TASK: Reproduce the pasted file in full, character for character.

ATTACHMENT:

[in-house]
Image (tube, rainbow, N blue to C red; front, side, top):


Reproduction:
[in-house]
Image (tube, rainbow, N blue to C red; front, side, top):